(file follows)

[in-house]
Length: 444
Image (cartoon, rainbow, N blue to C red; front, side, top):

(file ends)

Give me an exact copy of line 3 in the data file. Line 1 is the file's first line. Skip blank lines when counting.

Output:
Image (cartoon, rainbow, N blue to C red; front, side, top):